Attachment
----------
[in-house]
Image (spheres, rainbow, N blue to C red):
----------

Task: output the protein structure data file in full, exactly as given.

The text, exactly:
[in-house]
Image (spheres, rainbow, N blue to C red):